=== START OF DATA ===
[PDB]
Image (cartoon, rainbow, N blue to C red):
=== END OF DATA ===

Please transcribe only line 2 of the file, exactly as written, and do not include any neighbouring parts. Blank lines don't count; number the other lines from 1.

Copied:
Image (cartoon, rainbow, N blue to C red):